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The "F" Word

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Cross-posted from Mike Malloy


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President Obama has a problem. He can't stop using the "F" word and it's starting to ruffle feathers on all sides of the political spectrum. Before you get too excited, the word in question is "folks." Obama is as enamored of that term as Raisin Brain was with "nukulur," or "misunderestimate." He uses it a lot. The Washington Post detailed how frequently the President used the term in recent years:

"He (Obama) makes his case on immigration: 'What I've also said is if we're going to go after folks who are here illegally, we should do it smartly and go after folks who are criminals, gang bangers.'

"On Benghazi, he reminded Americans of his longstanding plan. '[O]ne of the things that I've said throughout my presidency is when folks mess with Americans, we go after them.'

"Obama discussed income inequality -- 'there are folks at the top who are doing better than ever' -- but 'we understand that some folks are going to earn more than others.' But he was fighting to give 'hardworking folks' a pay increase. Folks like the 'folks who are cooking the meals of our troops, or washing their dishes, or cleaning their clothes.'

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"Obama's weekly address {August 2011} was about putting Americans (American folks) back to work. He wanted to 'see folks in Korea driving Fords, Chevys and Chryslers,' he said. He wanted folks in Washington to put country before party, lessons he learned from having 'shaken hands with folks outside machine shops and churches, corner stores and farms.'"

Okay -- we get it. Folks is his favorite colloquialism. It implies a plurality of human beings. The word can be distinguished from the similar word "people" by its inherent familiarity and casual association. Using the word "folks" conveys an intimacy with the group in reference, whereas the word "people" is more formal and not as warm and fuzzy-feeling. And that's the problem. When the President mentioned, almost casually, in a news conference that "we tortured some folks" during the Bush Crime Family reign, both his supporters and his haters cringed.

While it is praise-worthy that the President actually admitted that detainees were, indeed, tortured by the US government, calling these victims "folks" is as callous and demeaning as Chucklenuts' playing golf in 2002, with a reporter nearby, and quipping to the camera: "I call upon all nations to do everything they can to stop these terrorist killers. Thank you. Now, watch this drive."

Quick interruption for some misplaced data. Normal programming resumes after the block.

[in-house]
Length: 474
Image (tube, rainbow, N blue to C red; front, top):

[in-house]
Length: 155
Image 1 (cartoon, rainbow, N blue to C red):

We expect more from Obama. The torture victims were people. Real, live human beings, not just some "folks." Not the folks you know down the street, or the hard-working folks waiting for a pay raise, or the folks in Korea who might buy a Chevy. Leonard Pitts, Jr., writing for The Miami Herald put it this way:

"'We tortured some folks.'

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"What's next? 'He raped a chick?' 'They stabbed a dude?'

"Granted, it's a relatively minor point. But to whatever degree phrasing is a window into mindset, the president's phrasing was jarring. It is, however, what he said next that we are gathered here to discuss.

"Obama, speaking to reporters Friday, invoked the atmosphere after Sept. 11 to explain why the CIA, ahem, tortured some folks. He reminded us that we were all terrified that more attacks were imminent, and our national security people were under great pressure to prevent them. So while what they did was wrong, said Obama, 'It's important for us not to feel too sanctimonious in retrospect about the tough job that those folks had.'

"In other words, we were all scared spitless, so it's ... understandable, if not precisely condonable, that the CIA behaved in ways that betrayed our national values."

So kudos to the President for announcing, without question, one of the worst Bush-era war crimes. But adding the caveat, as Pitts explains, that the US was somehow justified in its torture of innocent detainees because we were so terrified after the 9-11 attacks, undermines his otherwise bold admission.

And that may be more upsetting than using the F-word.

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www.mikemalloy.com
Kathy never expected a career in radio as a talk show producer. Born and raised in Atlanta, Georgia, Kathy was completing her nursing degree when in 2001 - in an emergency - she was asked to fill in as the producer of Mike's program. Within a few (more...)
 

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